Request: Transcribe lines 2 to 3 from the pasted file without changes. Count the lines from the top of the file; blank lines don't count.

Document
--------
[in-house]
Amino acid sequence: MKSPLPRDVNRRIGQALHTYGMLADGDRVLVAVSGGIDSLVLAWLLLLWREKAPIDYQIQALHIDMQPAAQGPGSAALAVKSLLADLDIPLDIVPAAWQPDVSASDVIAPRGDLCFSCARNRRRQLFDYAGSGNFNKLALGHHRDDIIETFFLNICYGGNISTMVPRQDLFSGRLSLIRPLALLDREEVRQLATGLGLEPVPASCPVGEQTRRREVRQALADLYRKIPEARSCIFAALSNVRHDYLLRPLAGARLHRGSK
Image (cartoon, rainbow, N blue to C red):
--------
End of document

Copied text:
Amino acid sequence: MKSPLPRDVNRRIGQALHTYGMLADGDRVLVAVSGGIDSLVLAWLLLLWREKAPIDYQIQALHIDMQPAAQGPGSAALAVKSLLADLDIPLDIVPAAWQPDVSASDVIAPRGDLCFSCARNRRRQLFDYAGSGNFNKLALGHHRDDIIETFFLNICYGGNISTMVPRQDLFSGRLSLIRPLALLDREEVRQLATGLGLEPVPASCPVGEQTRRREVRQALADLYRKIPEARSCIFAALSNVRHDYLLRPLAGARLHRGSK
Image (cartoon, rainbow, N blue to C red):